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3 Free Resources for Freelance Writers

keyboardYou may be interested and motivated to become a freelance writer, but it’s hard to know where to start. First, you should write, but that goes without saying. How do you turn your passion into paid work? It’s not a simple process, and it involves a lot of searching, digging, and some luck, as well.

These resources can help increase your chances of finding freelance writing work. It’s important to remember that whatever romantic notions of the solitary writer you may have, being successful as a freelancer depends on community, and these resources provide a good starting point for building your own.

The Freelance Writer’s Helper

A fairly recent site, The Freelance Writer’s Helper is put together by Tim Beyers, a freelance writer who contributes to the investment blog The Mile High Fool. It’s a Google Notebook, which is perfect for the content, which is meant to be easy to search and be reference ready.

Along the left side you can find the links to all of the page’s subsections. Each subsection contains links to useful external sites, followed by a brief description. If nothing else, Tim has done a nice job of aggregating a considerable amount of information  valuable to freelancers hoping to write online in one convenient, central location.

The Freelance Writer’s helper is a living document, and Tim is always happy to receive suggestions for additional links he can add to the site to make it even more useful.

All Freelance Writing

Keeping in the spirit of aggregated content, All Freelance Writing is an ongoing blog that features a lot of resource lists and link collections. The blog’s authors do a really good job of organizing this mass of information in meaningful ways.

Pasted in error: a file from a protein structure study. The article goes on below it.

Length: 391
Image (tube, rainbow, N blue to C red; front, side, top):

How-to articles are plentiful here, as are skill and trade refinement exercises, and professional development resources. There’s also a list of job offerings, which is updated once a week.

Jeff Gaulin Job Boards

Right away, you’ll note that is a Canada-centric resource, but valuable nonetheless, especially if you find a job where you can work remotely, or if you’re willing to make a move in order to further your career. Jeff has somehow managed to make this site the go-to destination for journalists looking for work in Canada.

Jobs are broken down by area and by category, and those advertising on the site include heavy-hitters like Adbusters and So far, his online listings are kind of slim, but hopefully, as the sector grows, the site will shift focus towards that kind of work.

There you go, three resources to make your freelance writing island a little less remote. It’s still a more isolated career choice than, say, working in a busy office, but you don’t have to do it without any help at all.

Are there any freelance writing communities you belong to or participate in?

6 Responses to “3 Free Resources for Freelance Writers”

  1. “Right away, you’ll note that is a Canada-centric resource, but valuable nonetheless, especially if you find a job where you can work remotely, or if you’re willing to make a move in order to further your career.”

    Or, er… you already live in Canada. Like me, and many other Web Worker Daily readers.

  2. Thanks for all of the good resources listed here.

    I would also suggest Freelance Success,, a $99/yr. enewsletter, Website & message board that’s a virtual home to hundreds of veteran magazine, Website and corporate writers. I’ve been a member for the past year and it’s by far the best writers’ community I know.

    You’ll also find lots of other great blogs around for freelancers, including b5media’s The Golden Pencil; The Urban Muse; Freelance Writing Jobs; Eric Sherman’s WriterBiz and The Anti 9-to-5 Guide.

    I have a blog for freelancers too, WordCount – Freelancing in the Digital Age. It’s a mix of writing basics (how to write fast, how to write short, how to write headlines, etc.), posts on establishing and maintaining a freelance writing practice and what’s happening in digital media that freelancers show know to better position themselves in the business.

    Michelle Rafter